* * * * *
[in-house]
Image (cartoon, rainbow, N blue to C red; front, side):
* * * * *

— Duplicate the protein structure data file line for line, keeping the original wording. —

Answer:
[in-house]
Image (cartoon, rainbow, N blue to C red; front, side):